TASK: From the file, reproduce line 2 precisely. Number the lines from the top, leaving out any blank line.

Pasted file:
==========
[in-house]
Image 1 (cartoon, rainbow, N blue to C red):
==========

Image 1 (cartoon, rainbow, N blue to C red):